Lately after your Departure, strange Reports were spread, I don't know from what Quarter they came, about you and Mr. Samuel Adams. It was said and printed he headed a Conspiration contriv'd to surrender Boston to the English; And that you were gone to London, having, during your Station in France, entertained an illicit Correspondence with the British Ministry. I endeavoured to shew the Absurdity of this Latter Assertion, the more as you did embark in the same Ship with Chevalier de la Luzerne. But you know the People in this Country are very ignorant of American Affairs, And ill designing <People>
Men are not at a Loss to indulge their Malignity.3
Had I kept a Copy of Count de Vergennes's last Letter to you, I think there was truely an Occasion it should have been made Use of.
You see by the Date of this Letter I dwell no more at Passy. Early in June, perceiving that since the Commission was dissolved, I was no more in the Confidence, and young Mr. Franklin took upon himself the sole interessant Business, I desired a Conference with Dr. Franklin, in Order to know the true Motive of that Change. He told me that I could see the Business was not, for the Present, so considerable as it had hitherto been; that there was no Scope for my Talents; that the Change I complained of did not arise of any Mistrust; But that, as far as he saw, one Secretary was now sufficient. In the mean Time, he desired me very politely to stay there on the same footing, untill I had provided for another Station of greater Trust and Emolument; But I did not think proper to remain a Burthen to the Public, being almost unuseful in the Business, and I retired to my Family whence I send you these Lines.
I will however, in my private Capacity of a sincere Well-wisher to the American Cause, communicate an Observation, which cannot have escap'd your Perspicacity. You had many Occasions to remark that the Subjects of the United States being quite ignorant of French Customs and Manners was a spring of frequent Altercations and Law-Suits; even that the extensive Signification of the fourth Article of the Treaty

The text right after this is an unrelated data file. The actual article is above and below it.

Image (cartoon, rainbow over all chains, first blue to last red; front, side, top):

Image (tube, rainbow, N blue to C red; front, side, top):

of Commerce had not been attended to when redacted.4
I had, long ago, begun an Explanation of it which I thought the more necessary as the Subjects of the United States are thereby intitled to many Privileges they did not as yet enjoy. If you think such an Explanation as well as an Idea of the Rights and Duties established in the various Parts of Europe, might [make?]
me instrumental to the Congress in their Conduct not only with France, but also in the Redaction of the Treaties to be made with the other European Powers, indicate a safe Occasion, and I'll send the whole to you, as the most Part is already done.
The Abbe's are very well and remember you very tenderly. I wrote to you in July, inclosing a Letter from them5
and your remaining News-Papers; But I apprehend the Bearer has been taken in the Voyage.
Tho' I don't know of Mistress Adams, but by her Letters, please to present my Respects to her and my Compliments to your Son.
[salute] With the more respectful Attachment, I have the Honor to be Dear Sir Your most obedient & most humble Servt.
[signed] N M Gellée